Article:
Recycle That Plant!

Mums and Drops - Audrey from Central Pennsylvania, USA, CC BY 2.0 <>, via Wikimedia CommonsI know fall is close when the chrysanthemums show up for sale, popping their sassy color all over the place. They are a favorite replacement for fading annuals, cone flowers and zinnias that have begun to get a bit raggedy.

Did you know you could save your hardy or garden mums through the winter and tend to them so they revive in spring?

While we treat them as annuals, certain plants grow as perennials in their home countries. And while these autumn mums in pots are not necessarily hardy and won’t have a lot of time to settle, with care you can overwinter them. After they have bloomed, trim them back and plant them in an area of your garden with good drainage and protect them from the thaw/freeze cycle of Missouri’s winters. Uncover them in the spring and as they begin to leaf out, pinch the new growth back to encourage multiple blooms or let them grow as nature intended. Missouri Botanical Gardens offers a care sheet with more details.

Chrysanthemums and Marigolds book coverI did a bit of a search in our catalog for books discussing overwintering mums. One is “Hibiscus, Lantana, Geranium, Fuchsia, Dahlia, Canna, Crocosmia, Glads, Impatiens, Marigold, many of Salvia, Dianthus and Passion Flower (Passiflora) to find the varieties that have not had their perennial nature bred out of them.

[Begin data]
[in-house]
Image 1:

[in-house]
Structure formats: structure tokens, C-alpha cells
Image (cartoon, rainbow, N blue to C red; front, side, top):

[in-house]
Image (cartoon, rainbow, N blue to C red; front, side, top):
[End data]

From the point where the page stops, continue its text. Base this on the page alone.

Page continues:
cover of Perennial Vegetables, being nine images of green vegetables.You will find additional full-text articles, books and more in EBSCO MasterFILE Premier. Interestingly, I also found that if the article is in a magazine that Flipster provides, there is a link to open the magazine.

As far as vegetables are concerned, you can overwinter common things like peppers, kale, garlic and radicchio as well as less-found plants like turkish rocket and sea kale (both of the Brassicaceae/cabbage family). I’ve personally experienced green and hot peppers and regular-old-garden kale that ‘woke up’ after a Minnesota winter and thrived for a second growing season but of course, these plants were insulated under snow early enough to protect them. I’ve not had the experience here in Missouri to know if it will happen that way again. You can investigate which varieties will perform well in books such as “Perennial Vegetables” by Eric Toensmeier and “How to Grow Perennial Vegetables” by Martin Crawford.

I’m experimenting based on a rumor that nasturtiums, that favorite flower of Sam Gamgee, are herbaceous perennials that die back in Fall and then reappear on the same root system in Spring — just because I read it on the internet doesn’t mean it’s true. The happy nasturtiums in my garden will be tucked away with the kale and the mints with hopes to see them again! I had to turn to the internet to find the variety I wanted and I got a late start this year. It would be nice to have these live to grow another season. What is your experience? Am I unwise to try?


Image credit: Mums and Drops, Audrey via Flicker (license)

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